And here’s Ann Marie Benítez, Senior Director of Government Relations at the National Latina Institute for Reproductive Health:

The proposed rule would be disproportionately devastating for people of color, including the Latinx community — the most uninsured group in the United States. Of the 4 million people who receive Title X care, half are women of color and 32% of patients identify as Hispanic. For many individuals who are living with low-income, are uninsured or underinsured, or are undocumented, Title X clinics are a trusted source of comprehensive, evidence-based, culturally-sensitive, and linguistically-appropriate healthcare services. For many Latinxs, regardless of immigration status, Title X family planning clinics are the only healthcare providers they know where they can access contraception, STI testing, and preventive services like cervical cancer screenings. Without Title X providers in communities across the country, Latinxs will have an even harder time accessing the life-saving care and education on abortion-related services that they need.

That point about healthcare services is important. Weakening the Title X network also means patients with low incomes — who are disproportionately women of color — have less access to STI testing and screening for breast and cervical cancers.

And here’s UCSF Bixby Center obstetrician-gynecologist Sanithia Williams, reminding us what our priorities ought to be:

Our country is facing a crisis in maternal mortality right now, where black women are three to four times more likely to die in pregnancy and childbirth than their white counterparts. Instead of taking up this cause, and ensuring that all women have access to comprehensive and equitable reproductive health care and pregnancy care, this administration is taking this opportunity to galvanize their base at the cost of women’s access to medically accurate care.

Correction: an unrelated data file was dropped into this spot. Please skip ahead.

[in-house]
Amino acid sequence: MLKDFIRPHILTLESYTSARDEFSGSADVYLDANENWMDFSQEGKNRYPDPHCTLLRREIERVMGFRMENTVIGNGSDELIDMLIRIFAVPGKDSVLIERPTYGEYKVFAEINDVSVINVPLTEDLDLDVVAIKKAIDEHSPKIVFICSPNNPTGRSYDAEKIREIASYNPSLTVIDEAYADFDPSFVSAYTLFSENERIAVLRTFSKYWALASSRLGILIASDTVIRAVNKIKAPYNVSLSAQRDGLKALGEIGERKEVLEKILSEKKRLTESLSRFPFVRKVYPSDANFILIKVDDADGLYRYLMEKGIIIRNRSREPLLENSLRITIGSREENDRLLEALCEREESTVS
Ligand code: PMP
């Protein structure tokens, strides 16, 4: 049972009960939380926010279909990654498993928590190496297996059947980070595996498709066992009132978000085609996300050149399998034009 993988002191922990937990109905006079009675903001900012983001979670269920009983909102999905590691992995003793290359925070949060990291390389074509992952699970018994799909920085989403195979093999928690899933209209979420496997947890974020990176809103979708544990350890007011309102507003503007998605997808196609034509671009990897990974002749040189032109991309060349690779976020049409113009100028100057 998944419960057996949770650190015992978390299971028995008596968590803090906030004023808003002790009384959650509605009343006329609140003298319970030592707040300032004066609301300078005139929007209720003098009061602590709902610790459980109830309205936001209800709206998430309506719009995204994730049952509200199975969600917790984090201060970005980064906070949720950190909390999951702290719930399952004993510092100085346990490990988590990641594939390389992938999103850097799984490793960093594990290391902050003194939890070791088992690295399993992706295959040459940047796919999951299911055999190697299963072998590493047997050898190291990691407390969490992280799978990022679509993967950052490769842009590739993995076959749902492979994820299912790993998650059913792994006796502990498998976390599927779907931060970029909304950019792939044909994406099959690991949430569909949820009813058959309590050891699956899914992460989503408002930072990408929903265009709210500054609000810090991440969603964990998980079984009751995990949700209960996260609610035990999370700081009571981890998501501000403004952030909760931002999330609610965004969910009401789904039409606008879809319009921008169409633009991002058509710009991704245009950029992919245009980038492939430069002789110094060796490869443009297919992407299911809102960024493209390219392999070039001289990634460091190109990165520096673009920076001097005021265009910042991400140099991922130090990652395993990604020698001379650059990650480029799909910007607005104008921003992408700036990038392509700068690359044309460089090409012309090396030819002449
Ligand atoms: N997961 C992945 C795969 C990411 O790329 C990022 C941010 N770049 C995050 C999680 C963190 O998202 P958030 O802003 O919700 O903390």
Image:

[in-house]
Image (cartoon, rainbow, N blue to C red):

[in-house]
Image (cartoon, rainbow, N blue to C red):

Every person deserves access to quality, evidence-based, full-spectrum reproductive health care, including abortion. Ideologically motivated government interference flies in the face of medical ethics, tying the hands of healthcare providers and threatening the bodily autonomy of our patients. Women of color and women who receive a low income, who already face significant inequities in our healthcare system, will bear the burden of this callous and unjust policy.

The notice of proposed rulemaking is open for comments for 60 days (until 7/31), and the Trump-Pence administration will be hearing from a lot of us who know that public health includes access to the full range of sexual and reproductive health services as a fundamental right.